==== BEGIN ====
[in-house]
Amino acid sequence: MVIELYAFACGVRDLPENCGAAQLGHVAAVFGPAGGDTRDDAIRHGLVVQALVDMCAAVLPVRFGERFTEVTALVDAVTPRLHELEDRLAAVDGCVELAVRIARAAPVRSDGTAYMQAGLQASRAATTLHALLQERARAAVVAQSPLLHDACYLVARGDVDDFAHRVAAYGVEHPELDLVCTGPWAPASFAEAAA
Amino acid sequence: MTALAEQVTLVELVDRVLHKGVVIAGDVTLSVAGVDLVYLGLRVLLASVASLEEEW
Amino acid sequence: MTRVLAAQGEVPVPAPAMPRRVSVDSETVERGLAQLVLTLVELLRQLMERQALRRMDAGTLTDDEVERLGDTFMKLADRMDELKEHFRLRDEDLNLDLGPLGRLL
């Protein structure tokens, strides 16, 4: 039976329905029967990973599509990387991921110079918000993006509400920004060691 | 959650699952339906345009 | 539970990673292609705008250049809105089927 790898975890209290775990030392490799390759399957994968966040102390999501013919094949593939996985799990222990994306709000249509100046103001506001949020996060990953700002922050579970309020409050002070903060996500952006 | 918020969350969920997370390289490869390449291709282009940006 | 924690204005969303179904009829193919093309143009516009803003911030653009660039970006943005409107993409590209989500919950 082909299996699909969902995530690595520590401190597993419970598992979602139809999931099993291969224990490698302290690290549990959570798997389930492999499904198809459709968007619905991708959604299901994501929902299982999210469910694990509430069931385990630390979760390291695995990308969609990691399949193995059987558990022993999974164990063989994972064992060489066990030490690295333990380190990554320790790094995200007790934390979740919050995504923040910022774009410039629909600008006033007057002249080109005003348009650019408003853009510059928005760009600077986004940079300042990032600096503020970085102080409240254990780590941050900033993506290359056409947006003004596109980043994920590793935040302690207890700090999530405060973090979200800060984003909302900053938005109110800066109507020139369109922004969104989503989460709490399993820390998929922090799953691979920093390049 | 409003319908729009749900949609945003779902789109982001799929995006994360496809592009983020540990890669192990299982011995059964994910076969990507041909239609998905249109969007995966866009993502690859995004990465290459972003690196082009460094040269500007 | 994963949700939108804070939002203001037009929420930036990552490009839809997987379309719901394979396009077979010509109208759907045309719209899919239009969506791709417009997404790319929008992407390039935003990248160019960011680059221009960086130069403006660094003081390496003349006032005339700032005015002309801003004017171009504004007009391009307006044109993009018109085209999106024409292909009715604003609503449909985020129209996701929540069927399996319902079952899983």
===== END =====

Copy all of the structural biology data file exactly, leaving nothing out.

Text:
[in-house]
Amino acid sequence: MVIELYAFACGVRDLPENCGAAQLGHVAAVFGPAGGDTRDDAIRHGLVVQALVDMCAAVLPVRFGERFTEVTALVDAVTPRLHELEDRLAAVDGCVELAVRIARAAPVRSDGTAYMQAGLQASRAATTLHALLQERARAAVVAQSPLLHDACYLVARGDVDDFAHRVAAYGVEHPELDLVCTGPWAPASFAEAAA
Amino acid sequence: MTALAEQVTLVELVDRVLHKGVVIAGDVTLSVAGVDLVYLGLRVLLASVASLEEEW
Amino acid sequence: MTRVLAAQGEVPVPAPAMPRRVSVDSETVERGLAQLVLTLVELLRQLMERQALRRMDAGTLTDDEVERLGDTFMKLADRMDELKEHFRLRDEDLNLDLGPLGRLL
């Protein structure tokens, strides 16, 4: 039976329905029967990973599509990387991921110079918000993006509400920004060691 | 959650699952339906345009 | 539970990673292609705008250049809105089927 790898975890209290775990030392490799390759399957994968966040102390999501013919094949593939996985799990222990994306709000249509100046103001506001949020996060990953700002922050579970309020409050002070903060996500952006 | 918020969350969920997370390289490869390449291709282009940006 | 924690204005969303179904009829193919093309143009516009803003911030653009660039970006943005409107993409590209989500919950 082909299996699909969902995530690595520590401190597993419970598992979602139809999931099993291969224990490698302290690290549990959570798997389930492999499904198809459709968007619905991708959604299901994501929902299982999210469910694990509430069931385990630390979760390291695995990308969609990691399949193995059987558990022993999974164990063989994972064992060489066990030490690295333990380190990554320790790094995200007790934390979740919050995504923040910022774009410039629909600008006033007057002249080109005003348009650019408003853009510059928005760009600077986004940079300042990032600096503020970085102080409240254990780590941050900033993506290359056409947006003004596109980043994920590793935040302690207890700090999530405060973090979200800060984003909302900053938005109110800066109507020139369109922004969104989503989460709490399993820390998929922090799953691979920093390049 | 409003319908729009749900949609945003779902789109982001799929995006994360496809592009983020540990890669192990299982011995059964994910076969990507041909239609998905249109969007995966866009993502690859995004990465290459972003690196082009460094040269500007 | 994963949700939108804070939002203001037009929420930036990552490009839809997987379309719901394979396009077979010509109208759907045309719209899919239009969506791709417009997404790319929008992407390039935003990248160019960011680059221009960086130069403006660094003081390496003349006032005339700032005015002309801003004017171009504004007009391009307006044109993009018109085209999106024409292909009715604003609503449909985020129209996701929540069927399996319902079952899983």